the people who this legislation affects are mainly in mexican border towns. Most people there have relatives in mexico or know of illegals who desire to work in the US - usually in those same border towns with the rest of their family, regardless of the family member's legal status. Which is exactly why complaining about this is so dimwitted.

[ Parent ]
From The Right (none / 3) (#102)
by n8f8 on Fri Jan 09, 2004 at 02:30:51 PM EST

I'm pretty conservative and my views on immigration aren't anything like the liberal press keeps portraying it. I'd bet I'm not unusual because Bush is so willing to take such a on-the-face risky position.

Citing secutiry isa boondoggle. Illegal immigrants are already here. Making all of them criminals (and pushing them through the justice system) would be expensive and unethical. The only effective way to stop people from crossing the borders is to make their home country economies as healty as our own. So my position boils down to this:

Someone willing to work that hard to live here deserves the chance to stay here. Fostering risk--taking in the gene pool is good for our country. For the most part they help fuel the economy.

Sig: (This will get posted after your comments)

You're as conservative as Jesse Jackson (2.75 / 4) (#142)
by AnomymousCoward on Mon Jan 12, 2004 at 12:41:33 PM EST

1) Illegal immigrants are already here. Making all of them criminals (and pushing them through the justice system) would be expensive and unethical.

No, allowing them to stay would be expensive and unethical. This is a society founded and governed by law. The law states that to come into this country, you must either get a temporary visa or apply for permanent citizenship. Millions do this, correctly, every year. The people in question are those who ignore the law and enter anyway. THAT is unethical. They are selfishly putting themselves in front of those who would enter legally, causing a tax burden on the rest of society. Indeed, if you're living in Utah, you may not notice the tax burden, because your schools, your hospitals, and your jails aren't filled with illegal immigrants. Here in southern california, the story is slightly more clear.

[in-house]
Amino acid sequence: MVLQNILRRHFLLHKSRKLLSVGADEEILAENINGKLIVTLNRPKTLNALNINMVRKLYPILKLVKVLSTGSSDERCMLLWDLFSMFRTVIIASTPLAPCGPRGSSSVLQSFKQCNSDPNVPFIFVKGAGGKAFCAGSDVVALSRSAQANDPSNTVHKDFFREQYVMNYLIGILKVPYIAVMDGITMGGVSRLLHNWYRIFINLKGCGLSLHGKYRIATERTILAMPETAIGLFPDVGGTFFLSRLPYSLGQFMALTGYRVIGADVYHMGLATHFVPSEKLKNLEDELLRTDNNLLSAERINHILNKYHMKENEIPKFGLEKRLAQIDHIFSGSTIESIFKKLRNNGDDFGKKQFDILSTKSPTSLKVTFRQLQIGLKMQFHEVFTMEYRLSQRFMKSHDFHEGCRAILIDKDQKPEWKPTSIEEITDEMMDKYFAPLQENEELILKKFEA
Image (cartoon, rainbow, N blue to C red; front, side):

2) "For the most part they help fuel the economy"

Horse shit. In Santa Ana, CA, the ratio of legal:illegal is 1:1.2. The economy isn't booming: it's suffering. There isn't enough tax revenue to pay for schools, or police. You cannot expect the wages earned by someone doing manual labor to cover the costs of education and healthcare for the worker, his wife, and five kids. It simply doesn't work. On a pure economic basis, they're damaging the economy.

This really is a black-and-white issue.

Vobbo.com: video blogs made easy: point click smile
[ Parent ]
Regarding "Horse shit" .. (none / 0) (#162)
by kurioszyn on Thu Jan 15, 2004 at 04:42:33 PM EST

"Horse shit."

Well, it depends.

I was reading something called "Immigrants in US ?2002. A snapshot  of America?s Foreign-Born  Population" published by Center for Immigration Studies

According to their data there is an enormous variation in poverty rates as well as welfare use among immigrants from different countries.
For example poverty or welfare use rates for immigrants from countries like Poland, Germany, Canada (generally European or western countries with some exceptions like India etc ) are lower than they are for the natives. In other words, people from these countries are actually assets to the US economy.

Of course , immigrants from Germany , Poland or Canada constitute less than 5 % of all foreigners living in US while  Mexico accounts for 30 percent of all immigrants.


[ Parent ]

You are an Idiot (2.12 / 8) (#104)
by SPYvSPY on Fri Jan 09, 2004 at 02:36:01 PM EST